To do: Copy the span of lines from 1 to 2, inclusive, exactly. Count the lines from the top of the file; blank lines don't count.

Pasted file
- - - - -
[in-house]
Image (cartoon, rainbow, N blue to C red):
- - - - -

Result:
[in-house]
Image (cartoon, rainbow, N blue to C red):